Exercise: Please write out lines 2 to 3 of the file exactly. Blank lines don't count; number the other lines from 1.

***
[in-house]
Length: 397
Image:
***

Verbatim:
Length: 397
Image: